Monday, May 07, 2012

Game Update

The games I've been playing over the past four and a half weeks or so.

Medal of Honor (PS3)

For me this was a competent, yet uninspired shooter. I played through it in around 5 hours and couldn't shake the feeling that I had done it all before. It was a bit glitchy in parts and, in Jeff Gerstmann's words "intensely scripted". And those scripted events, I believe, took too much control from me, the player, and dampened the intensity of what should have been a more exciting shooter. Mind you, there were some good firefights that were nicely enhanced by the excellent gun sounds (and the weighty, powerful feel to them) but ultimately they all fell flat.
I did enjoy the headshot indicator, the very effective slide-to-cover mechanic, and the ambiguous ending, but, overall, I was underwhelmed, if that's a word. According to a co-worker of mine, though, the multi-player is quite good, but that's something I don't intend to discover for myself.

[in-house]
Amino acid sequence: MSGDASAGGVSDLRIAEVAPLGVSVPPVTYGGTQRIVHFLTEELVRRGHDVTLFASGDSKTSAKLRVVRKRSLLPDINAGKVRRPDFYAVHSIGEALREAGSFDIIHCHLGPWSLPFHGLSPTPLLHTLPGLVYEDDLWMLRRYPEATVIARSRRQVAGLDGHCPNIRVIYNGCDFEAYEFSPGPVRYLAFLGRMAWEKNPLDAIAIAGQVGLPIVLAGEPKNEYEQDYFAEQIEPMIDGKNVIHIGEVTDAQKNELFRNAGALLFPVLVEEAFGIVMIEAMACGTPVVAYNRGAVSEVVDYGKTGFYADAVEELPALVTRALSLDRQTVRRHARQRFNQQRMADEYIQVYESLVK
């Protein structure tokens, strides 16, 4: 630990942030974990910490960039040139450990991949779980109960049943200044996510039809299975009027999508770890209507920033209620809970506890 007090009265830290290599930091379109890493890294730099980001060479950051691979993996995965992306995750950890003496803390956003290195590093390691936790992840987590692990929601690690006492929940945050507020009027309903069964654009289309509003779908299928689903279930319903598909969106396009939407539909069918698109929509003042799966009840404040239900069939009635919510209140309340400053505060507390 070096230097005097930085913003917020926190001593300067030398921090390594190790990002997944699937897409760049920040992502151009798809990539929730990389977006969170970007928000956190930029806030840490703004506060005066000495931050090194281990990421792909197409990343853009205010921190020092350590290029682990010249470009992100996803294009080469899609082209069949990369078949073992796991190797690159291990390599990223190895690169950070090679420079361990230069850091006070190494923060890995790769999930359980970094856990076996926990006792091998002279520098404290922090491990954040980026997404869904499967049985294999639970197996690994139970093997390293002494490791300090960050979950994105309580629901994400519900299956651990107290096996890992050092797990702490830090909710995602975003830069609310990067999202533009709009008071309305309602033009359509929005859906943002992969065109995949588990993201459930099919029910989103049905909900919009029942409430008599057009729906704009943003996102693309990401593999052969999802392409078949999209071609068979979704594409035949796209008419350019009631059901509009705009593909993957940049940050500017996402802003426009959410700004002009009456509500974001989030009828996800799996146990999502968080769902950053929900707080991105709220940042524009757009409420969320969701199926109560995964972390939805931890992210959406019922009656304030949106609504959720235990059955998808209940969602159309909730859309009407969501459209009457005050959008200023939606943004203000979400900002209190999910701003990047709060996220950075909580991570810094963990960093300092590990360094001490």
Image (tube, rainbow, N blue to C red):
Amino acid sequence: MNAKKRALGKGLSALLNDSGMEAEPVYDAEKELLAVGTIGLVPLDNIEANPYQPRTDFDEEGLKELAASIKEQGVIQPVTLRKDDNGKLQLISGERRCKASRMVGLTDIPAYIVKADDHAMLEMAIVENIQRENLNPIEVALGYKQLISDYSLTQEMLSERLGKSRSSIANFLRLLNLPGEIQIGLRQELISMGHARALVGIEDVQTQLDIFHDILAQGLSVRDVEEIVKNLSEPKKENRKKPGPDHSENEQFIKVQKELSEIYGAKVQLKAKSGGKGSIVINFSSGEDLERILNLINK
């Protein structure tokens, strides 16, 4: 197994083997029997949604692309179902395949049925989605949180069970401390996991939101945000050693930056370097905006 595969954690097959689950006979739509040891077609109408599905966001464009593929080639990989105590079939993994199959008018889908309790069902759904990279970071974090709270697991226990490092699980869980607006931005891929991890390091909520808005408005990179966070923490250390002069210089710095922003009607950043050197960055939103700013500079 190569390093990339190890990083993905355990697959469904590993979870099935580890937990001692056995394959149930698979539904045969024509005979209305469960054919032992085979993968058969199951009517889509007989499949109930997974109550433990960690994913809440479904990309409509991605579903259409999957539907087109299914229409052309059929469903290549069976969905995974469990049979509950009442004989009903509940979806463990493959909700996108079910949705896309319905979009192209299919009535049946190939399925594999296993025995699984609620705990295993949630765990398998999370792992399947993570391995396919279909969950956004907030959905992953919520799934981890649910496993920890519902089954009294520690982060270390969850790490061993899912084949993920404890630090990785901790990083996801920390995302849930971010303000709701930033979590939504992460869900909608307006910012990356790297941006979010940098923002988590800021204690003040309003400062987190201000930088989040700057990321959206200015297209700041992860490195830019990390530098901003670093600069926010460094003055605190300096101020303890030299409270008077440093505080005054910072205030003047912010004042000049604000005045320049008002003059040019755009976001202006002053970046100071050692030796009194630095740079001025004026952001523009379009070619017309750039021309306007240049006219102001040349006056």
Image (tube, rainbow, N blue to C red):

Enslaved: Odyssey to the West (PS3)

In most post-apocalyptic scenarios ruined cities are grey, dusty, and dirty piles of rubble. This game, though, envisions a ruined New York, 150 years into the future, as a city being reclaimed by nature. It is bright, lush, and vivid with foliage and flora; a nice change from the usual depressing environments.

It took me a while to play through Enslaved because I'm not a big fan of, nor am I particularly good at, melee combat and boss battles. I really dislike being surround by 5 or 6 enemies and being expected to eliminate all of them with ducking, dodging, and myriad button combos. So, I die several times before I figure out how to get through the situation. As for boss battles, well, I think they are a weak and lazy way to resolve conflict --- and I suck at them. The button combos and combat in Enslaved are pretty straight-forward, but, I'm an impatient man, and I just wanted to get through the fighting so I could see the rest of the story. That impatience resulted in many deaths and much wasted time.